strength, spreading his mighty arms as if to
grasp the heavens and would have deemed
it immortal, had he not stood upon a little
knoll of carthjhat had been thrown up by
tnetamilgirev-litegaft ttH - t
rjuize: " XIH3 oaK is noiimmonui, iur ikj
hold here is where its fellow once stood.
Its mighty trunk was many years ago pre
cipitated from the summit of this little cm.
inence with the resounding- crash of tiie
earthquake. It lay here for half a century
together, gradually decomposing from the
alternations of wind and rain, of sunshine
and o shade, until it has finally disappear,
cd, saving this brown and lengthened mark
which it has left upon the furfaco of the
ground. It ia true it once was erect as its
uiiclily neighbor Its shade was as refresh-
chirped as merrily and sttng ds melodious
ly in its branches, and the squirrel leaped
as often and as actively upon it, from Urnb
to lintti nnt fmm unrnv ta snrav.. But At
O . ... w i m 1
has now left nothing hut this sad relief, of
itselt ueiuna it, lis sircngiu uhu us aim i
hmm its vnrdiie oniL its beauty are fled.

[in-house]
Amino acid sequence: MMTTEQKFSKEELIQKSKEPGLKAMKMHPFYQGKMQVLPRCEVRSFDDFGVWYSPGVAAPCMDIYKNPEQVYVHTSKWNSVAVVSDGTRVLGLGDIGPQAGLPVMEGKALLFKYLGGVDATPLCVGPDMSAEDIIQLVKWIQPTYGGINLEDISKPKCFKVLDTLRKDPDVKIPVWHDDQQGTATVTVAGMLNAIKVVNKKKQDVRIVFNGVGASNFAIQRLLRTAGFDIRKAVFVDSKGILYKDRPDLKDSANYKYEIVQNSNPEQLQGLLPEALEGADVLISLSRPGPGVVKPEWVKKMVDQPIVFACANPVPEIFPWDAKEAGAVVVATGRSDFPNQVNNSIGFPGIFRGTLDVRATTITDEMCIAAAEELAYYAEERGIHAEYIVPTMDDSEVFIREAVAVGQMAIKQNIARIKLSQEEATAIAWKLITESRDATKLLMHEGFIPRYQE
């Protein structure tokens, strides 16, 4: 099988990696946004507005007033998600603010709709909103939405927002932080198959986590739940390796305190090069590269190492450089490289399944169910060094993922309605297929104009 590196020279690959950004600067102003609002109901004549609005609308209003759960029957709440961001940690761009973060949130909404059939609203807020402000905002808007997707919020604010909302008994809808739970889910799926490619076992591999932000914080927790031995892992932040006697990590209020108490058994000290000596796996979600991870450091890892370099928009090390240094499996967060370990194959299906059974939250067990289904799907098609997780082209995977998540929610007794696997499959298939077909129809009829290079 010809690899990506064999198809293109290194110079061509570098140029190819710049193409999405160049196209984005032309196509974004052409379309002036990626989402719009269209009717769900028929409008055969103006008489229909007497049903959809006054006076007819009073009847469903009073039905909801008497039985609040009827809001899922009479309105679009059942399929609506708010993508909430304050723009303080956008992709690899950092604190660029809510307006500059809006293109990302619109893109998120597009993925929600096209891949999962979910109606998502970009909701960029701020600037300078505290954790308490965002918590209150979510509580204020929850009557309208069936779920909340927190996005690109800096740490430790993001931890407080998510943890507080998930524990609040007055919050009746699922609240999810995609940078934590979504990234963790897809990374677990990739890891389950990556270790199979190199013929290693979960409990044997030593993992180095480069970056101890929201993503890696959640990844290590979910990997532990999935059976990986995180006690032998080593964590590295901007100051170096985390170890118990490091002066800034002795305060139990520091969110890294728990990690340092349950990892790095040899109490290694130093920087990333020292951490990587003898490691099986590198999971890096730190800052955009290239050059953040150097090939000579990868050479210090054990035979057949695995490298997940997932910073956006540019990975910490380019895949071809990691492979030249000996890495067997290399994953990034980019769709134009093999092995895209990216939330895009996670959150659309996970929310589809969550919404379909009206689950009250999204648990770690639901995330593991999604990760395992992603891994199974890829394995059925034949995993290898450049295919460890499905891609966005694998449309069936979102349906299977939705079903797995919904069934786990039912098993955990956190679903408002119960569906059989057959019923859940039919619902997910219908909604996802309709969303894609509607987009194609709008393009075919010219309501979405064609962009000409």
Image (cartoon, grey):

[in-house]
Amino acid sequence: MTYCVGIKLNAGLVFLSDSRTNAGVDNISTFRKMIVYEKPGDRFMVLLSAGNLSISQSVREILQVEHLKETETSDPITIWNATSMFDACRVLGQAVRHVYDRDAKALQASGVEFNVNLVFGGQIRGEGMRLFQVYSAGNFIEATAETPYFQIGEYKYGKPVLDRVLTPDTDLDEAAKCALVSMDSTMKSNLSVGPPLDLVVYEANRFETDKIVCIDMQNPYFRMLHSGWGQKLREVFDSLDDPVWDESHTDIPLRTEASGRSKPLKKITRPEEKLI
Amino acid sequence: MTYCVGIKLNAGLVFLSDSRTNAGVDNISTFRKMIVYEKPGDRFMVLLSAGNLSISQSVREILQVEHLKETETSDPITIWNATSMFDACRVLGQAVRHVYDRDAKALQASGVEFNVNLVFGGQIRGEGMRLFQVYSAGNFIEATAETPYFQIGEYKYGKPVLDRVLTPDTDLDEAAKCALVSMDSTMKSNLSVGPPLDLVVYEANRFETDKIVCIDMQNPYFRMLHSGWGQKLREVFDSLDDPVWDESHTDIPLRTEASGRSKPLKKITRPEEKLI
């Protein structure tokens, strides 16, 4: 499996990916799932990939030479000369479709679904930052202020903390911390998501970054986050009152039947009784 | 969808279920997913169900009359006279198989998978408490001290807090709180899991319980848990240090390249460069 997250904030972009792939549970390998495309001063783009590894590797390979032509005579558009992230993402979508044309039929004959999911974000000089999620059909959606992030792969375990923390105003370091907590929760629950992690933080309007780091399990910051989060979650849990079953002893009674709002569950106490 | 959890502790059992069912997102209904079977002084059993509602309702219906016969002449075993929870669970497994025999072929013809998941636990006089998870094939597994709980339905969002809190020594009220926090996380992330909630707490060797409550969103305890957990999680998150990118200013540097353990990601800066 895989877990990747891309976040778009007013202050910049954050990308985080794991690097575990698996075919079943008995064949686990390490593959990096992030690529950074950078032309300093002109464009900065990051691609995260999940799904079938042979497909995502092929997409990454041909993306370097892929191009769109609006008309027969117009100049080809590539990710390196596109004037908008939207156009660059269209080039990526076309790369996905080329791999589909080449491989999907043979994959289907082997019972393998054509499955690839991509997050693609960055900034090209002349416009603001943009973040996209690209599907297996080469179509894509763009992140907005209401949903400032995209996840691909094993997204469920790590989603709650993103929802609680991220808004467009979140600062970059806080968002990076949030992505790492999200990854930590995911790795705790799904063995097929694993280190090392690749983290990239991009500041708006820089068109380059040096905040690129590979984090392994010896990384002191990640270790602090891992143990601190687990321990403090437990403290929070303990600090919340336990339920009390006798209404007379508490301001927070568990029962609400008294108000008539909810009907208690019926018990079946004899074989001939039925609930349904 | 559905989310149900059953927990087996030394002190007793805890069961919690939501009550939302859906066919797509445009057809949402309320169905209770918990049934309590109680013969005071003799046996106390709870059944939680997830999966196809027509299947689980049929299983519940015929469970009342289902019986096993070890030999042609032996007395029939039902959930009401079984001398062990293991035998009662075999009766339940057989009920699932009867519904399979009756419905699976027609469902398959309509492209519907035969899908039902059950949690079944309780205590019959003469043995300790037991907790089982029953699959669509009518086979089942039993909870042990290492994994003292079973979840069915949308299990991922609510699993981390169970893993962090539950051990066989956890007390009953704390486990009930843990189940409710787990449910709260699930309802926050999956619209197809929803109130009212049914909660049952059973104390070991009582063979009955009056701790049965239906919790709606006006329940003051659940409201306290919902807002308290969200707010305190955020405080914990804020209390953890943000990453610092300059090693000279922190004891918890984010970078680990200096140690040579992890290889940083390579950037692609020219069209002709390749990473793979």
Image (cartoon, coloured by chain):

never Jo return, j But whaVshalJ' btf'lisid of
nun possessing almost the talents of an
angel I Shall he decay likedio oak and
wither Jiko the tender bark 1 Shalf he
mauhlerlike the massiverunk, arid disap
pear a its mighty braafches f . Shalj all the
troubles of his breast pass unregarded by
his Maker, and shall all his hopes shrivel
as the leaf afld disappears" as the shade.
Shall all the path joys of life pass nway as
the sweet spring music of the birds, and
shall naught be bea'rti in tlio evening of his
days, but the sighing of tlio winds and tlio
coomg 01 trie dovef in MUU
this is the fulo of mart. oor, mu s
off dian the inscnisatc tree, for he
has a love of life and a hope of a futurity,
and yet he has not the firmness of the oak
to resist the hurricanes pi ule, out is
ted by every gale and bends with ev?ry
breeze, in youth he has a nature mat
life than it Is calculated to aUord, tin stung
by -disappointment and discouraged from
tie delights that ltdng to life and sinks in.
to the vale of sorrow and tlie gloom of des-pd-ation.'1
I lo turned himself from this
scene of decay, and again walked sad and
solitary to, his gloomj abode. Again he
engaged in the cares of life. He plough
ed ha fie ds and scattered -seea upon me
ground. As he threw his scythe into the
grass, he could scarce keen from lamenting
the destruction of the verdant beauties oc-
rgstrsrigrMiv thlfe swwti 6T his hantl. The-
meadow witrt all its array of virent grass
and multifarious flowers was in a fyw days
so seered "wTttTihe sunlfnd'Mlnnowcd with
the breeze tliat he was again inspired with
the deepest despair, and the most profound
v, : . ' - -
melancholy. "'Again, he returned, to his
home. In a few weeks he returned to the